PERFPosted at 14:37h, 25 January
Thank you for writing, Jill, and we’re glad you found this article helpful. To save a copy of this article for your cousin, you can print it; there are no restrictions on printing copies of the articles on our website. If you’re using a PC, you can print by pressing the CTRL button and then, while holding it down, clicking the letter “P” on your keyboard. You can also send your cousin this link to the article: https://perf2ndwind.org/what-happens-when-you-drink-alcohol-with-copd/
Frank PetersPosted at 17:55h, 06 January
I found that Whisky helps with the anxiety of COPD
PERFPosted at 15:58h, 08 January
You are not alone in having feelings of anxiety after being given the diagnosis of COPD, or in feeling that alcohol helps relieve some of your anxiety. Neither issue should be ignored or brushed off. You can benefit from help, and that help is available. While you should check with your physician on your whiskey consumption and anxiety, let’s mention several issues that were not covered in that article.
First, how much whiskey you are drinking every day? Do you drink a pint, maybe starting in the early afternoon, or do you have a drink or two before dinner? I’ll bet you know which answer is acceptable and you don’t need me to tell you. Drinking before you go to bed is tempting but not a good idea. Read that article again for the all the reasons why if you are not convinced.
Now we can address the very real problem of your anxiety, which makes you resort to self medicating with the whiskey. You are not alone or unique. I have taken care of hundreds of patients and almost all admit to being nervous, scared, frightened or anxious when I first see them.
Ignorance is not bliss! The more you know about your condition the better off you will be. While your physician is the first person to ask for detailed information about your condition, let’s face it, most doctors do not have the time you need to fully cover this. This is one reason why participating in a pulmonary rehabilitation program is so valuable. Ask your physician if a referral to one might be considered for you.
The next two big problems you probably have are shortness of breath and exercise limitation. Here, once again, is where a pulmonary rehabilitation program comes in. After a four to six week program you should feel better than you have in years. But, the first few steps before that will be up to you. Make an appointment with your physician to discuss your problems. Ask if a referral to a pulmonary rehabilitation program is possible. If not, or if there is no program in your area, consider requesting a referral to a pulmonologist if you do not already see one.
In the meantime, there is a wealth of information on our website with more information available every month for you to look through. Check your local area for support groups or pulmonary rehabilitation programs. And, feel free to write again.
With best wishes for better health and less anxiety in the New Year,
Mary Burns, RN, BS
Kathleen KropfPosted at 09:43h, 25 March
Thank you so much now I realize what I’m doing to myself .Gonna make some changes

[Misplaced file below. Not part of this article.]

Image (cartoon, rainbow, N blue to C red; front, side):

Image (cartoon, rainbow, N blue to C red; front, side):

Tonks123Posted at 17:30h, 08 June
The article talks like you drink a lot i like s glass of whiskey or 2 at night time thats all but i asked dr he said drink in mordenation is fine
Harry RossiterPosted at 21:29h, 15 June
How wise of you to check with your physician regarding that drink or two you have every night. We agree with drinking alcohol in moderation but everyone is different. Checking with your doctor was the right thing to do. We are glad that you found our article thought provoking and hope those we have planned for the future will be also. Keep reading and stay in touch,
Mary Burns, RN, BS
brenda odillonPosted at 15:11h, 28 June
I drink 12 to 18 beers a night. I find myself coughing and short of breath at times. Does this have anything to do with my drinking
Harry RossiterPosted at 14:00h, 17 July
You are to be congratulated on admitting the amount you drink and wondering if it is harmful. That must have been difficult for you. You probably are hoping that amount you drink is not really harmful, but I suspect you already know that answer. I will answer anyway. Yes, it is harmful. By responding to our blog on alcohol, you already have read some of the harmful effects that amount of alcohol causes, so I won’t go over all that again.
You don’t say if you smoke, but that often goes along with heavy alcohol consumption. Judging by your coughing and your shortness of breath you may well have a lung problem. Only a physical examination by your doctor, and some testing, can give you that answer. In any case, your doctor can probably give you help for your coughing and shortness of breath.
I suspect you haven’t recently seen a doctor to discuss these problems. Since you are concerned enough to ask these questions, you may may now be strong enough to accept that you do need help with your drinking, as well as with any lung problem you have. Help IS available for both problems! I congratulate you on trying to find it. That must have been hard, but it shows you have a lot more strength than you may realize. Please, please see your doctor to get that help you need and deserve.
With best wishes for your future, and the hope that you stay in touch,
Mary Burns, RN, BS
TracyPosted at 21:33h, 18 July
I’ve read your article and I’ve learnt a few things thank u much as I myself is diagnose with c.o.p.d. I’m scared but I’ve learnt to accept whatever fate I have.thank u much.
Harry RossiterPosted at 12:55h, 22 July